With the Mid-Year Economic and Fiscal Outlook prediction season now launched with Chris Richardson’s traditional finger-in-the-wind, our finest minds are giving thought to what sort of impact the current mini-boom in iron ore and coal will have on revenue. Luckily we won’t find out until the week before Christmas, so we’ve got a solid month of speculation to enjoy. Clearly the Coalition has changed its tune since 2011, when Joe Hockey angrily demanded Wayne Swan release MYEFO at the start of November.

But the coal price boom and its impact on revenue will depend heavily of the intensity of the Chinese winter. “The winter heating season” in China started on November 15 and runs to March 15, and yesterday China’s highest economic planning body, the National Development and Reform Commission, published a directive raising the number of working days for coal mines by 54 to 330, reversing a cut earlier this year. That cut, which removed more than 300 million tonnes of excess coal production, triggered coal’s rise as utilities and steel companies in the region, especially in South Korea and Japan, began to stock up. Chinese electricity consumption rose by more than expected (up 4.8% in the 10 months to October, three times the rate of the same period in 2015).

[The coal, hard truth: Chinese steel is the canary in the mine]

“The strong pricing rebound since early 2016 is unlikely to be sustained as the Chinese government relaxes its working-day curtailment policies to manage prices,” Fitch Ratings said in a note to clients. “Going forward, much will now depend on the weather outlook in northern Asia, where the peak demand winter season has just started.” The government has been trying since late September to get China’s coal sector to reverse the previous curbs and expand production quickly to build reserves for the power industry for the winter. The NDRC has reportedly called in the owners of 800 mines (many of whom are provincial or local governments) to order production increases and shut an influential coal price advice website, leaving the industry to use government-provided prices for their contracts. Last week the NDRC revealed two big thermal coal contracts between big miners and big power utilities, which, unusually, lasted for longer than a year and contained a fixed price that was a 25% discount to the market price — a sign the contracts are being used by the government to try to put a lid on price rises, and in fact to drive prices lower.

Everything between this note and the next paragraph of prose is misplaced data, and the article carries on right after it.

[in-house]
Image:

But prices for hard coking coal remain around US$300 a tonne (trebling this year from just over US$90 a tonne) because the Chinese steel industry continues to respond to rising demand and prices from the construction sector. Global prices are still more than double what they were earlier this year, while Chinese prices have risen by well over 50%. China has stepped up coal imports, which have topped 201 million tonnes in the first 10 months of the year, much of it coking coal for the steel industry. Domestic production fell 1.5% in October from September and is down 11% from a year earlier, according to the data from the country’s National Statistics Bureau for October. The NDRC decision on working days was given the official seal of authority by Premier Li Keqiang, who reportedly said the country had to balance demand for heating over winter with efforts to tackle pollution. For the Chinese government, getting through what could be a cold winter with no disruptions to electricity supply is more important than the climate, smog levels and curbing overproduction — which can resume once winter has passed and spring arrives.

[All hail the economic panacea of company tax cuts]

The Australian government and Treasury would be wise to hedge its bets on the coal price and bank any upside when it materialises rather than locking it into the forecasts, but as MYEFO speculation suggests, weak wages growth is going to drag tax revenue down yet again. Scott Morrison, in splendid Laffer Curve fashion, thinks the answer to that is cutting corporate tax. But then again, this government thinks cutting corporate tax is the answer to literally every economic challenge. Low tax revenue, tepid economic growth, low multi-factor productivity growth, weak wages growth, weak employment? Lower company taxes are a miracle cure-all.

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Peter Fray
Peter Fray
Editor-in-chief of Crikey
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